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Report by the Institute of Marine and Antarctic Studies: Reproducing the mortality model in Neira 2011

Background

 Andrew Wadsley has made several recent statements in the media (e.g. Tasmania Times 26/8/2012) that Neira’s (2011) calculation of spawning biomass is wrong and that his results cannot be reproduced.

 We have conducted an internal review of Neira’s analysis and requested an independent external review from SARDI.   Both supported the analysis by Neira and showed that his method was easily reproducible.

 Despite making this review known (Attachment 1), Wadsley’s message persists:- that this work is bad science, is falsified, scientific method hasn’t been followed and that our results have been fabricated to suit industry.  He has been active in the media with this message and it’s been repeated by others including the Tasmanian Greens and the Tasmanian Conservation Trust.  This message has also been communicated through mainstream media (eg ABC News TV and radio) and in Parliament and more recently presented at a public rally.

We do not wish to debate the merits of Neira’s study in the media, but believe that a more detailed explanation of why we support his work is warranted.

Neira 2011’s mortality model

Neira (2011) produced a spawning stock biomass estimate using the daily egg production method (DEPM), a method that is widely used to produce biomass estimates for pelagic fish stocks.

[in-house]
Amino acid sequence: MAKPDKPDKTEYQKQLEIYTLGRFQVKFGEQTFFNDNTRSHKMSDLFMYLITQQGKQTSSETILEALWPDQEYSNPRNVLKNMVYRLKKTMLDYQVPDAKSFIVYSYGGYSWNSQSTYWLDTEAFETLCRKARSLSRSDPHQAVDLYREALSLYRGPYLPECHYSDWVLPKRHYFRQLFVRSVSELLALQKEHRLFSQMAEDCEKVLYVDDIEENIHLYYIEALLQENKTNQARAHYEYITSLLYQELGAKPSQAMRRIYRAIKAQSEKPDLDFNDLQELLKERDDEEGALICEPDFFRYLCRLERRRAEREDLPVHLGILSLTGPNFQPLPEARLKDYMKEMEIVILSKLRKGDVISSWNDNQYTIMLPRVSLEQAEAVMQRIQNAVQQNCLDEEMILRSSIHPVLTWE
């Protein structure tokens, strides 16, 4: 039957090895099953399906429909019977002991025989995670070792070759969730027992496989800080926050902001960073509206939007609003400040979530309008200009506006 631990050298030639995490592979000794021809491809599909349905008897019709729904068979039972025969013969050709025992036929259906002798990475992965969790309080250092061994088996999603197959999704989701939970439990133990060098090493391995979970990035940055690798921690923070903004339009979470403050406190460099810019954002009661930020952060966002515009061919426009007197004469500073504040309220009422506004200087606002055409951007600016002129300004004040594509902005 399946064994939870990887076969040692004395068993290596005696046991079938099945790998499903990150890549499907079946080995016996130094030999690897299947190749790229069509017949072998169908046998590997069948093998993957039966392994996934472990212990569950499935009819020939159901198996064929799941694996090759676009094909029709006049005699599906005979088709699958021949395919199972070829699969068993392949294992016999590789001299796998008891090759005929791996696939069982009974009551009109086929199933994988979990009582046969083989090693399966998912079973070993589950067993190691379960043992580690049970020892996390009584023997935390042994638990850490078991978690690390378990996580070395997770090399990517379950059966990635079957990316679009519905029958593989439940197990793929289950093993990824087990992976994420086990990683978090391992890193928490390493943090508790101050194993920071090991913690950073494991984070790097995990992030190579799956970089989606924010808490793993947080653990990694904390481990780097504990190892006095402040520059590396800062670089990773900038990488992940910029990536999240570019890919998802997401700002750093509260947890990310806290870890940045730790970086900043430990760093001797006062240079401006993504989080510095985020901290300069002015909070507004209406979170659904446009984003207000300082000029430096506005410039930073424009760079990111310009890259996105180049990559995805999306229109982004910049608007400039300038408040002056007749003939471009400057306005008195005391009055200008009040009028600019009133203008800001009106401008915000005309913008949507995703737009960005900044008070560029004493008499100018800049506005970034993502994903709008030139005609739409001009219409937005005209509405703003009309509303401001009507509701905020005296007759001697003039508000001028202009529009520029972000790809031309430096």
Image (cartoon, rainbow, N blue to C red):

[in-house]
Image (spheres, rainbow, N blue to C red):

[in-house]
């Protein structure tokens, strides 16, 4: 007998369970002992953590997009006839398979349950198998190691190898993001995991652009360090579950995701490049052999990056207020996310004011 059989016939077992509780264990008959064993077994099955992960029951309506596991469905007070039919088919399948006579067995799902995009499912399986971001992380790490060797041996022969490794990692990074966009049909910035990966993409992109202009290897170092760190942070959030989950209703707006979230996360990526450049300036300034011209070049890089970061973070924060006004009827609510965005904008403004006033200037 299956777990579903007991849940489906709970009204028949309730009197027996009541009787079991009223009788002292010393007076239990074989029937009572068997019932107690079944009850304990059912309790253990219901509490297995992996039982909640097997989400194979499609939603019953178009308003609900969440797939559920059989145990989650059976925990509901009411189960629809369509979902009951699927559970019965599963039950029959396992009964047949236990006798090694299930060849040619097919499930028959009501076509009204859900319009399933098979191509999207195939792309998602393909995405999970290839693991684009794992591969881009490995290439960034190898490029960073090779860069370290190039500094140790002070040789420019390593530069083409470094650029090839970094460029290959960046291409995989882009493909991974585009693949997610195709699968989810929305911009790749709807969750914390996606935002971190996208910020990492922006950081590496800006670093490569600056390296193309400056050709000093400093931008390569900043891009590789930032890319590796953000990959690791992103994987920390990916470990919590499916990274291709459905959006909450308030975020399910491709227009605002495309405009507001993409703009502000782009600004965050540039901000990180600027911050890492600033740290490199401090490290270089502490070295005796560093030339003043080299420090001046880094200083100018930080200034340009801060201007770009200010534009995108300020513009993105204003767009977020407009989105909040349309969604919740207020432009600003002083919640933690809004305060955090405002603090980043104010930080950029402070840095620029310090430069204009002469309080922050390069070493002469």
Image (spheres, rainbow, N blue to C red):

A central component of the DEPM is the mortality model, which estimates the daily egg production, P0. The data in DEPM studies are typically skewed and noisy. Consequently care needs to be taken with the method used to fit the mortality model to the data. Neira (2011) used two methods: non-linear regression (although citing Lo et al., 1996, the actual method is a standard non-linear regression using non-linear least squares (NLS)) and a generalized linear model with a negative binomial error distribution (Cubillos et al., 2007; Neira and Lyle 2011). These methods are well established in the DEPM peer reviewed literature and provided comparable results.

Repeatability

Neira (2011) describes the methods he used with the following statement:

Two functions were fitted to the daily egg abundance-at-age data, namely the traditional least squares non-linear regression (NLS) model (Lo et al., 1996), and a generalized linear model (GLM) using a negative binomial error distribution (Cubillos et al., 2007; Neira and Lyle, 2011).”